"Christ Blessing the Children" (circa 1545–50) by Lucas Cranach the Younger and Workshop (Metropolitan Museum of Art)
Did Jesus follow the Golden Rule? The little kids among us might answer, "Yes! He made it up!" Actually, the maxim was around at least 500 years before Jesus' time and Confucius might be the most famous of its early proponents. Nevertheless, according to Matthew 7:12, Jesus told his disciples, "Do to others whatever you would have them do to you. This is the law and the prophets." He probably didn't get the idea from Confucius, but from Leviticus 19:18.
As we are going to see in the next few weeks, Jesus took that idea more literally than his disciples might have wanted, and he usually emphasized the prophetic side of it. He gave others the truth that he treasured rather than the inflated flattery for which many people hunger.
In today's Gospel, Jesus is talking to a mixed crowd of disciples and the general public — all of whom seem to be open to his teaching. One might expect Jesus to pump this group up with some encouraging praise, but what he said next was anything but a bumper sticker proclaiming: "My disciples are the best and the brightest."
Looking at the group listening to him, Jesus shouted out a prayer of thanks that God had chosen the "little ones," the less than brilliant, to be the prime recipients of his message. This is a variation on one of his key themes, otherwise stated as: "The last shall be first," or "Unless you become like children, you shall not enter the kingdom of heaven."
If anybody in the crowd felt insulted, Jesus fixed it by identifying himself as meek. No other Gospel writer uses that word and Matthew uses it only three times: here, in the Sermon on the Mount and when he quotes today's first reading about the king whose reign brings an end to weapons and warhorses.
In Jesus' day, meekness was a quality sought in slaves; one biblical dictionary describes it as "enduring all things with an even temper, free from haughty self-sufficiency, tender of spirit." Meekness is not macho.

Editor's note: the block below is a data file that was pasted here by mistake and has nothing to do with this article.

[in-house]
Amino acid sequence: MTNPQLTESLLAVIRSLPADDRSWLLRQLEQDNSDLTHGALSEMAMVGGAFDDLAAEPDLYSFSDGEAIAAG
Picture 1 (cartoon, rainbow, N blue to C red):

While Matthew presents this as a spontaneous moment of exuberance and gratitude, we might also take Jesus' words as an introduction to dogmatic theology. Remember, Matthew put this in a setting of prayer and followed Jesus' prayer with a proclamation about his knowledge of God and God's knowledge of him. Such a serious context leads us to understand that Jesus saw meekness as descriptive of God.
That's mighty radical. Just as the demons were the first to understand that Jesus was a threat to every reign of injustice, arrogant people would have been quick to understand this seemingly simple statement as a biting criticism of their behavior and the way of thinking behind their lifestyle.
Try to imagine what would happen if we used Jesus' statement, "I am meek," as the guiding principle for a parish, diocese or church. How would you design a worship space or other church buildings to proclaim that? What activities would be highlighted in the parish bulletin?
Jesus said that the "little ones," people who were teachable and saw themselves as needing to grow, were the ones who understood his message. How would seminarians be taught to dress and what would their ordination ceremony look like if we believed that the "little ones" are the privileged interpreters of God's message and that the Savior of the world appears in meekness?
Honest, radical answers to those questions might well be written off as fantasy, or at best, impractical. But what happens if we let Paul's message guide us? Paul is quite clear in saying, "You are not in the flesh."
That means that your values and your orientation to life are not those of a society in which people all look out for themselves and "their kind." Your life gets no meaning from status, wealth or even health, but rather from your relationships with one another and with God. That is life in the Spirit.
That's what Jesus offers us. He says his yoke is easy and his burden light. The yoke is easy because we don't have to be self-sufficient. Believing that God has given us one another and that we can and must count on God and one another is the ticket to becoming even-tempered. Embracing our need for one another keeps us all tender of spirit. Life in the Spirit produces the kind of meekness that says, "I have much to learn," and when taken rightly and lightly, that's a supremely hopeful statement.
Today's Gospel invites us to enjoy true meekness. It's much easier than preening for flattery and lots freer than pretending we're brilliant.
[St. Joseph Sr. Mary M. McGlone serves on the congregational leadership team of the Sisters of St. Joseph of Carondelet.]
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